The Obama campaign’s recently released online documentary, The Road We’ve Traveled, opens by evoking the plight of the economy when Obama took office: “This will be as deep as anything we’ve experienced since the Great Depression,” and “not since the days of Franklin Roosevelt had so much fallen on the shoulders of one president.” It mixes a photograph of the Depression — “Unemployed — will take any job” reads one placard carried by a man — with a shot of suited office workers on the streets, presumably out of work, or about to be, because of the Lehman bankruptcy.
How historically accurate is the Great Depression comparison? The dizzying collapse of the housing and stock markets, followed by a deep and painful economic downturn, indeed was scary. It’s easy to forget the days when panicked investors were pulling their savings out of presumptively safe money market funds; the mega-layoffs that rocketed the unemployment rate to more than 10 per cent; the automobile industry going into intensive care; and the huge swathes of abandoned and foreclosed homes (“if you build it they will buy it” turned out to be a cruel mockery of the American fields of homeowners’ dreams). All that granted, the Great Depression comparison doesn’t work.
Don’t get me wrong. I am an admirer of both FDR and Obama but I don’t think the Great Depression and our current economic problems are in the same ballpark, or even the same league. On the day that FDR took office, March 4, 1933, the United States of America was plunging into an abyss. Every state had shut its banks or restricted their operation; there was not enough money in the Treasury to meet the federal payroll, and the New York Stock Exchange had shut down with no date set to reopen. Since the 1929 stock market crash, stock prices had plummeted 85 per cent, and manufacturing in the United States had all but ceased: The automobile industry was operating at 20 per cent of normal capacity and the steel industry at only 12 per cent. The year before, 273,000 families had been evicted from their homes.
“Millions stayed alive,” wrote historian William Manchester in his extraordinary account, The Glory and the Dream, “by living like animals.” Two million homeless Americans were wandering the nation’s roads or riding the freight cars, one quarter of them between the ages of 16 and 21. The writer Edmund Wilson, while visiting Chicago, witnessed 100 starving people clambering through a garbage dump, “falling on the heap of refuse as soon as the [garbage] truck had pulled out and digging into it with sticks and hands.” Each night 200 Chicago women slept on the ground without shelter in Grant and Lincoln Parks. (On the Vineyard, up-Islanders, in particular, actually fended better for themselves because, according to one oral history, they could hunt, fish and farm).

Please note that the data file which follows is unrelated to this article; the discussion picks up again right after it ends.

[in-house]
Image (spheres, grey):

One-fifth of the students in the New York city school system suffered from malnutrition. Nationally, a third of a million children were no longer being educated because their schools had closed for lack of funds. Before the 1929 crash, there were almost no shoeshine boys in New York City; now there were thousands (19 on one block alone). And among the more than 15 million persons looking for jobs that were nowhere to be found, were nearly 22,000 graduates of Ivy League universities.
The Great Depression didn’t just destroy jobs and savings (to the point that an estimated 28 per cent of the population had no income), it damaged people’s souls. “I haven’t had a steady job in more than two years,” a man told a New York Daily News reporter in 1932. “Sometimes I feel like a murderer. What’s wrong with me, that I can’t protect my children?” A special suicide category, “altruistic suicides,” according to Mr. Manchester, was created for “men who killed themselves rather than become a burden to the community.” After looking into the faces of thousands of Americans on a campaign swing, FDR told a friend that “They have the frightened look of lost children.”
And shortly after noon on March 4, it all changed. The “only thing we have to fear is fear itself” speech was a transformative historical event, like the Gettysburg Address. Roosevelt’s speech was the best thing his countrymen had heard in a long, long time — and that week, 450,000 wrote Roosevelt to tell him just that. Even Ronald Reagan, in the midst of a Presidency largely devoted to dismantling the New Deal, recalled how Roosevelt’s leadership revived American spirits: “It was that engrained American optimism, that sense of hope Franklin Roosevelt so brilliantly summoned and mobilized.”
President Obama deserves, in my view, great credit for intelligently and skillfully managing the country’s recent economic travails. But he did not face anything like the economic devastation of the Great Depression; nor did he create a magical, game-changing moment in the midst of an existential American crisis the way FDR did. He would do better, and The Road We’ve Traveled, would be more compelling, if he touted his achievements on their own merits and not on the basis of a mistaken analogy to the Great Depression.
Gregory Wallance is a longtime seasonal resident of Chilmark, a lawyer and writer in New York city. This piece is adapted from his forthcoming book, America’s Soul in the Balance: The Holocaust, FDR’s State Department, and the Moral Disgrace of an American Aristocracy, released on April 19.